It’s hard to know where a parent’s work ends in supporting children’s academic achievement. Witness the helicopter parent next door who’s got Kumon on speed dial and watches the classroom webcam like it’s House of Cards. We sense that she’s gone too far in her vicarious quest for success, but can’t pinpoint exactly where she crossed the line between supportive parent and obsessive micromomager.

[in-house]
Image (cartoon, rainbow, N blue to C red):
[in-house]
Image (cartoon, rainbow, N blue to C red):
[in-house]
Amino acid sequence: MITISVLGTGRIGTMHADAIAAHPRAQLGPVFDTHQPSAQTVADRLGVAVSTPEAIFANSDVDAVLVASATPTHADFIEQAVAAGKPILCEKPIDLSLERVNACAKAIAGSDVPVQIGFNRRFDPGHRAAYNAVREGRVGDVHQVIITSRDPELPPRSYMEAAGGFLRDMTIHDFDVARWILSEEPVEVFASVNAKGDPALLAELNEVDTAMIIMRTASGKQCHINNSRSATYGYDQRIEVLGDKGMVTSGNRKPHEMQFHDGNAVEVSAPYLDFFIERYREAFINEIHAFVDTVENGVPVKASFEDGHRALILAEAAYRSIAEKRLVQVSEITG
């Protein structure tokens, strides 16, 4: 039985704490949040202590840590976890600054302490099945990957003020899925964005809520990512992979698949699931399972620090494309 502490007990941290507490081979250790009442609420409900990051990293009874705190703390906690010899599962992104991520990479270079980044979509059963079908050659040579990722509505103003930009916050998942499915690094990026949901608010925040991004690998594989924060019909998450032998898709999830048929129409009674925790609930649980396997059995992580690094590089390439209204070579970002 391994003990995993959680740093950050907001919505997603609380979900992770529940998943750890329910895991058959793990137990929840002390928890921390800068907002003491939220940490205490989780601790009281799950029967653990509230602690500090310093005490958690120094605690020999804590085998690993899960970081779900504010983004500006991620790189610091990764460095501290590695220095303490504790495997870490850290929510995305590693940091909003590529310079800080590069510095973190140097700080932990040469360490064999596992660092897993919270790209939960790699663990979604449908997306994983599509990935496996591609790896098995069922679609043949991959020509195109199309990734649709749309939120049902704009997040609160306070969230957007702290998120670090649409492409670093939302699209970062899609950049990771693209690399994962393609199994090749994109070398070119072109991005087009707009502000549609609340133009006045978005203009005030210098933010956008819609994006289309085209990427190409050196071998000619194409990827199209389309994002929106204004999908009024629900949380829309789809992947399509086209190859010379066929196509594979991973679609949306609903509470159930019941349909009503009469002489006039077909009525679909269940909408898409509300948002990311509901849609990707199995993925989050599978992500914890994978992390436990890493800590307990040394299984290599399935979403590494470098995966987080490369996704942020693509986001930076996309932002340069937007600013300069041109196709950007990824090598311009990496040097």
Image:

But it’s abundantly clear where a parent’s educational work starts–at birth. Long before children enter school, parents are their first teachers, consciously or unconsciously laying the pre-literacy groundwork that will undergird all future learning. Yet we tend to spend disproportionate time pondering what other people–teachers, policymakers, enrichment programs–owe our kids. Surely we’d benefit from giving ourselves the same kind of scrutiny. Do the math: we’re with our kids more than any teacher.